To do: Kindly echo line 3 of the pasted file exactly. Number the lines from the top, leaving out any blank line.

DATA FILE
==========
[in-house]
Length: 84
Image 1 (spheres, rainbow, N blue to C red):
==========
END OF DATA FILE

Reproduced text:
Image 1 (spheres, rainbow, N blue to C red):